Meg Munn: Powers are available to the commission to do so, and I have made my expectations clear. It is therefore not wise to move straight on to talk about new legislation or intervention. I have made strong commitments and there are strong expectations on the issue. I have more commitments to make which, I hope, will provide further guarantees.

Ms Butler : The Minister talked about a review headed by Trevor Phillips. Can she give the House an assurance
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that prominent black and Asian minority ethnic communities and groups that work on race equality issues such as the Greater London authority, the 1990 Trust and Operation Black Vote, to name but a few, will be consulted?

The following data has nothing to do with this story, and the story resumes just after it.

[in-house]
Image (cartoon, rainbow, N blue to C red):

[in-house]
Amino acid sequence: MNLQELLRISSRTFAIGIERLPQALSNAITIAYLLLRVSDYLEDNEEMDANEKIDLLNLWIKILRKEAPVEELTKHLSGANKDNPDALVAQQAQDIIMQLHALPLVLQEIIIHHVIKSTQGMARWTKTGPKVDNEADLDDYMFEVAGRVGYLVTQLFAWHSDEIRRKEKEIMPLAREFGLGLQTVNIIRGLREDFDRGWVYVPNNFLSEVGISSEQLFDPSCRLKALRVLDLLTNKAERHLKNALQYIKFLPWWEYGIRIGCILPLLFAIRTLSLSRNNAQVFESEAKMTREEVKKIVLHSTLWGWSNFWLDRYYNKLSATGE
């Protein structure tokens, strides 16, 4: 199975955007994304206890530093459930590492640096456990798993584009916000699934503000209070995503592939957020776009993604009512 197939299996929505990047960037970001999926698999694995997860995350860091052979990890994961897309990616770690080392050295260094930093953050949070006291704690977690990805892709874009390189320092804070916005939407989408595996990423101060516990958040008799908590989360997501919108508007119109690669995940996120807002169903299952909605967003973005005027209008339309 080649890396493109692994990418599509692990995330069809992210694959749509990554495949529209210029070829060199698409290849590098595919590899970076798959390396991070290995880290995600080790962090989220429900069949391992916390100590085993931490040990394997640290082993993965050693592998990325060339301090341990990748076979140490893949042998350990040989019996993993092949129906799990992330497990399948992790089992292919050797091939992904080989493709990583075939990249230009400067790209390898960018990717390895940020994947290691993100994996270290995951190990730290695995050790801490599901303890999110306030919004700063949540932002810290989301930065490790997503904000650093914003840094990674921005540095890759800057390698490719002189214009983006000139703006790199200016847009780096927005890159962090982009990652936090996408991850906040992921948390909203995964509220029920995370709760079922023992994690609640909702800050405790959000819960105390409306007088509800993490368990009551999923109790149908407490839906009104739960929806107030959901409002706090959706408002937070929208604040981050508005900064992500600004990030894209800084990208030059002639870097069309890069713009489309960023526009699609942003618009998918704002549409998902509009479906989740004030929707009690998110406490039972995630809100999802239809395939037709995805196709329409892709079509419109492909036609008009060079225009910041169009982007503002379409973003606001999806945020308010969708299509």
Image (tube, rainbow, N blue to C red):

Meg Munn: I am happy to give my hon. Friend that assurance. Indeed, I have met the majority of groups that she named and I pay tribute to their work. I shall come to that point later.

The Government are committed to ensuring that race equality concerns will be central to the commission's work. We have considered the issue carefully and provided a number of measures in the Bill to ensure that that is the case. We have given the commission new powers to address hate crimes and prejudice against groups in society. We have given it new powers to assess and enforce compliance with the public sector race duty. We have made a commitment to the continued funding of race equality councils and of others involved in local race equality work to ensure that those important initiatives continue to flourish. I will follow up recent discussions with the British Federation of Race Equality Councils to ensure that that is the case. Representatives told me they were reassured by our plans. They are doing important work and have made a commitment to work with us as we move towards the establishment of the commission for equality and human rights.